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Federal appeals court hears case of hidden murals


Associated Press – A federal appeals court in New York is considering whether a Vermont law school modified a pair of major murals by hiding them behind a wall of panels against the artist’s wishes after they were deemed racially offensive by some in the school community .

Artist Sam Kerson created the colorful murals entitled “Vermont, The Underground Railroad” and “Vermont and the Fugitive Slave” in 1993 on two walls in a building at the private Vermont Law School, now called Vermont Law and Graduate School, in South Royalton. Years later, in 2020, the school said they would paint over it. But when Kerson objected, it said it would cover them with acoustic tiles. The school gave Kerson the option of removing the murals, but he said he couldn’t do so without damaging them.

When Kerson, who lives in Quebec, filed a lawsuit in federal court in Vermont, the school said in a lawsuit that “the depictions of African Americans some viewers find caricatured and offensive, and that the mural is a source of contention and distraction become.”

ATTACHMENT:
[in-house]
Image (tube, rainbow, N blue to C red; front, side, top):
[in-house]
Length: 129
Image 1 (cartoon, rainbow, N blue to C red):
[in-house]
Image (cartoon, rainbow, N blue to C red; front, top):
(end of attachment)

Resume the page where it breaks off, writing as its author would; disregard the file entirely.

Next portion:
Kerson lost his trial in U.S. District Court in Vermont. He appealed and the 2nd US Circuit Court of Appeals heard the case on Friday.

Kerson’s attorney again argued that the artwork is protected by the federal Visual Artists Rights Act, which was enacted “to protect artists from alterations and destruction detrimental to their honor or reputation,” said Steven Hyman.

He said the covering of the artwork to prevent people from viewing it is an alteration and that Kerson has to “go through the humiliation and humiliation of getting a panel on his art.”

But the school’s attorney, Justin Barnard, argued that covering the artwork with a wooden frame that doesn’t touch the painting and is attached to the wall is not an amendment.

“Alteration means that something remains, it’s a modified form,” Barnard told the jurors. He also said that hiding the artwork is not destruction.

“There is a unique sense of harm when you destroy something and remove it from the face of the earth. We’re not talking about that here,” he said. “We are simply talking about the right of a private institution or a private individual to remove a work from the exhibition.”

When asked by the jury, Barnard said the school’s intention is to keep the wall up, at least for the rest of the artist’s life.

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